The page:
Pathway to Tracheostomy Tube Removal (Decannulation)
After a child undergoes tracheostomy, many parents are eager to know what needs to happen in order to get the tracheostomy tube removed (decannulation). While the airway team is very eager to help you achieve this goal, we want to make sure this is done in a way that is safe and doesn’t risk having to replace the tracheostomy tube.
Addressing Trachestomy Needs
In order to safely decannulate the tracheostomy, all the reasons that a tracheostomy is needed must be addressed. These include:
Stable Lung Health
Generally, a child should not require a ventilator or oxygen to help them breathe.
Children recently weaned from oxygen or ventilators sometimes need this support if they get sick. Your doctor may recommend waiting for some time after being off this support to make sure they will do well without the tracheostomy tube.
Our airway team works closely with your lung doctor (pulmonologist) in order to determine when their lungs are healthy enough to proceed with decannulation.
An Airway Without Any Blockage
Your child’s airway must not have any areas of blockage that interfere with their breathing, making decannulation dangerous. This may include blockages in the throat (pharynx), voice box (larynx) or windpipes (trachea and bronchi).
Sometimes, additional surgery is required to remove any blockages that may make breathing without the tracheostomy more difficult. For example, some children need the tonsils and adenoids removed prior to decannulation to avoid sleep apnea.
Your child will undergo regular microlaryngoscopy/bronchoscopy (MLB) to examine their airway and to plan for any additional procedures necessary before decannulation.
Ability to Protect the Airway from Aspiration/Clear Secretions from the Lungs
One of the benefits to tracheostomy is the ability to suction secretions (mucus). These secretions may be aspirated (choked on) from above or they may be coming from their lungs.
Our airway team will closely work with your specialists to make sure your child has a safe feeding plan, is not at risk for lung infections due to aspiration and is strong enough to cough out secretions from their airway.
Multi-step Decannulation Process
If not already being used, your child will be fitted with a Passy-Muir valve (PMV, speaking valve) for daytime use for a period of time to see how your child tolerates breathing with this device.
This device is like a kazoo. Air travels in through the trach tube when your child breathes in. When they breathe out, a valve closes, and your child breathes out through their nose and mouth.
This is a way to see if your child can tolerate breathing air in one direction without the tracheostomy tube.
After regular PMV use, your airway surgeon and the tracheostomy nurse will help you begin daytime capping of the tracheostomy tube. The cap completely blocks the tracheostomy tube and allows the child to breath both in and out through the upper airway.
This is typically done after an MLB to make sure no granulation tissue (scar tissue) has formed in your child’s airway.
It can sometimes take some time for your child to have the strength to tolerate capping throughout the entire day. After all, he/she has been used to breathing in a different way. The tracheostomy resource nurse will help your family with a home daytime capping program that builds your child’s endurance with capping.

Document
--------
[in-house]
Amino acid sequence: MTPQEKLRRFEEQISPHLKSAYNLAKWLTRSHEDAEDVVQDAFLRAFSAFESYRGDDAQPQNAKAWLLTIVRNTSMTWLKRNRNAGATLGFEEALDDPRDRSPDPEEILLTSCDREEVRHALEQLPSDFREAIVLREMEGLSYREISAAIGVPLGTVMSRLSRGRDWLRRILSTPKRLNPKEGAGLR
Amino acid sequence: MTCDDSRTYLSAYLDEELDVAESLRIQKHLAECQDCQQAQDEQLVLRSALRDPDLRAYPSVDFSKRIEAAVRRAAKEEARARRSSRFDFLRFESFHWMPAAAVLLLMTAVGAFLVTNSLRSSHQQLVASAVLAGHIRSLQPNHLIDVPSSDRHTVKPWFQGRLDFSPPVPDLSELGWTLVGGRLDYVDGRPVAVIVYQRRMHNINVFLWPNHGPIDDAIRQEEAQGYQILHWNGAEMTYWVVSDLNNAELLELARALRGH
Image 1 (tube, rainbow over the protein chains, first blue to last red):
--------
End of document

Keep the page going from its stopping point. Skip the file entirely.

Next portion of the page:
Sometimes, your surgeon may recommend placing a smaller trach in the airway (downsizing) prior to capping as this may help your child breathe more comfortably around the trach tube.
Once your child has tolerated capping all day for a period of time designated by your airway surgeon, your child will be admitted to the hospital for a capped sleep study. The purpose of this study is to see how your child breathes during sleep without a tracheostomy tube.
Breathing during sleep can be different because tissues are more relaxed. A capped sleep study helps our team make sure that there is no blockage of breathing during sleep (sleep apnea) that makes removal of the tracheostomy tube unsafe.
If your child’s sleep study is normal, the child will have the tracheostomy tube removed during the sleep study admission.
In rare cases, sleep study may not be obtained during the same admission as decannulation, even if it is normal.
If your child’s sleep study is abnormal, your airway surgeon will discuss “next steps” with you.
After removal, a small dressing will be used to cover your child’s tracheostomy stoma.
After decannulation, your child will be observed in a monitored setting for 48 hours. This is to ensure the child continues to breathe well without the tracheostomy tube. If your child’s breathing is stable throughout this period, they will go home without a trach.
The tracheostomy resource nurse will work with any home nursing you have to discuss continued timing of care.
Approximately 4-6 weeks after decannulation, your child will follow up with their airway surgeon. Sometimes the tracheostomy stoma site closes by itself. Other times, an additional surgery is needed to close the stoma. Your surgeon will discuss the plans and timing of any additional procedures with you. While the stoma is still open and healing, it is still important to observe any precautions that you observed before decannulation.
After decannulation, nursing coverage that had previously been available to families may no longer be offered. There are other reasons that a child may be eligible for home nursing care, but if the tracheostomy tube is the only reason for nursing care, then that care expires within weeks of decannulation. Families should be aware of this and should be prepared for this eventuality. There is opportunity for families to learn more about their eligibility for home nursing and other healthcare benefits by contacting their Division of Specialized Care for Children representative, social worker and their insurance provider for information.